Reboxetine: A review of efficacy and tolerability
by
Delgado PL, Michaels T.
Department of Psychiatry,
University of Arizona College of Medicine,
Tucson, Arizona, USA.
Drugs Today (Barc). 1999 Sep;35(9):725-37


ABSTRACT

Clinical data on the efficacy and tolerability of the novel selective noradrenergic reuptake inhibitor reboxetine are reviewed. Reboxetine appears to have almost no pharmacological activity other than potently blocking the reuptake of noradrenaline. Clinical studies show reboxetine to be highly effective for the treatment of major depression. Reboxetine is more effective than placebo and comparable in efficacy to tricyclic antidepressants and selective serotonin reuptake inhibitors. Some studies suggest that reboxetine may have slightly better efficacy than fluoxetine and imipramine. Reboxetine is effective in severely depressed patients as well as elderly depressed persons. Reboxetine is remarkably well tolerated, having very few side effects. Reboxetine appears to cause little sexual dysfunction. The most common side effects are dry mouth and constipation. The drug does not inhibit or induce hepatic cytochrome P450 enzymes and is safe in overdose. Reboxetine may prove to be as effective and better tolerated than any other antidepressant currently available.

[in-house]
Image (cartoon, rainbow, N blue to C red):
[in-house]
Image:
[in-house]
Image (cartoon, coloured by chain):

Trials
Selectivity
Reboxetine
Reboxetine and the rat
Reboxetine: product info
Reboxetine and the elderly
Reboxetine versus fluoxetine
Noradrenergic antidepressants
Reboxetine and major depression
Noradrenaline, anxiety and mood disorders

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